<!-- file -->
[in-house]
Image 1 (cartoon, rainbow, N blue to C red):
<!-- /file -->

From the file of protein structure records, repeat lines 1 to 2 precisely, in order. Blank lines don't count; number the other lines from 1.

[in-house]
Image 1 (cartoon, rainbow, N blue to C red):